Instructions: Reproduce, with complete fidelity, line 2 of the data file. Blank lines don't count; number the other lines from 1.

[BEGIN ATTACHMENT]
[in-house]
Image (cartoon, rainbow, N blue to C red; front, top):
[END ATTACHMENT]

Image (cartoon, rainbow, N blue to C red; front, top):